She resisted the urge to fan herself and took a step toward Wyatt. He shifted and held the door open, waiting for her to precede him.
She walked inside the office, unable to stop herself from adding a twitch of attitude to her ass. A glance over her shoulder proved it was wasted—he was closing the door, his back to her. Her lips compressed. Fine. She would give him some other opportunity to slaver over her still-pert body.
He wasn’t the only one who had aged well. And any minute now, she would stop sounding so freakin’ defensive.
To occupy herself, she glanced around the luxurious office. The cherry desk was huge and uncluttered, save for a sheaf of papers piled on the surface. The chair was plush black leather, and its price tag alone could pay her bills for a month. A wet bar graced one corner of the room; probably de rigueur for a man who owned a casino. The floor-to-ceiling windows that made up the fourth wall showcased a glorious view of Las Vegas.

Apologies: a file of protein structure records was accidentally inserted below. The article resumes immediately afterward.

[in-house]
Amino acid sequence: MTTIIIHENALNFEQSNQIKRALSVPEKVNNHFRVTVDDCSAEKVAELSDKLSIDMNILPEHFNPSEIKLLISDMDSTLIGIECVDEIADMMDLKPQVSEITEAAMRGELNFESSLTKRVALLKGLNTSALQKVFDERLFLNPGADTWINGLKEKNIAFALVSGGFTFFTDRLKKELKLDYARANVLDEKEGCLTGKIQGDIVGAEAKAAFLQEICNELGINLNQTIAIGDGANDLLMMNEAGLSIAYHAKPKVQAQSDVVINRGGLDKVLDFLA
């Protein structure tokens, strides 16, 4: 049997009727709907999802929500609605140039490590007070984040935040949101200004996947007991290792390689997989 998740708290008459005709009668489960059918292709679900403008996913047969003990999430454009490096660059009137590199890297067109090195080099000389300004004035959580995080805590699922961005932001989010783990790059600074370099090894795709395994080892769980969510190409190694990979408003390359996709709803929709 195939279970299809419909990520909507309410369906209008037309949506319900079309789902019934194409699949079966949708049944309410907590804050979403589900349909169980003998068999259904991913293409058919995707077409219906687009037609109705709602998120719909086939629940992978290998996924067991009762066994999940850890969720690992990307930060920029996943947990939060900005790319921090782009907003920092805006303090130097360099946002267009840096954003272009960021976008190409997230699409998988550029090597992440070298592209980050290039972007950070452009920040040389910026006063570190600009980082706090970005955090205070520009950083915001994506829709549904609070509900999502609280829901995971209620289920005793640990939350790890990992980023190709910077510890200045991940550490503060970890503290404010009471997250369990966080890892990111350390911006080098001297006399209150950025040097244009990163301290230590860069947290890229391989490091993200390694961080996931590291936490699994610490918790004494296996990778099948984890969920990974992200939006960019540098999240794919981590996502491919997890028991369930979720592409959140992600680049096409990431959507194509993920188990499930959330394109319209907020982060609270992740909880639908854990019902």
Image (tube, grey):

The walls were a creamy off-white, and while a few tasteful paintings decorated them, there wasn’t a single picture of family or friends. Which made sense, since she knew his mother was dead, his father had barely been more than a sperm donor, and he’d had no other real family growing up. Her quick research of the low-key CEO of Quest Casino had turned up the news he had never married nor had children. According to Wikipedia, at least. A private detective she wasn’t.
“You have a nice office,” she said, in order to break the heavy silence. She turned to find him standing at the door, one hand on the wood as if he were barring others who might try to enter.
Or to keep her from leaving.
He dropped his hand. “Thank you.” Still expressionless.
“The whole place is nice.” Tatiana waved, to encompass the large building she stood in. She supposed, compared to the Mirage or Caesars, Quest was a small entity. However, what the hotel and casino lacked in size, it made up for in exclusivity and class. In the five years since it had been established, it had hosted politicians, heads of state, and millionaires—all of whom were guaranteed discretion and the opportunity to indulge their vices with no commoners about to carry tales. One article she’d read had written, What happens in Vegas stays in Vegas, but what happens at Quest…no, nothing ever happens at Quest.
Wikipedia was a freaking fountain of information.
“You’ve played here?”
The question was posed innocently enough, but she thought there was a bite of mockery in it. You have the means to play in my sandbox?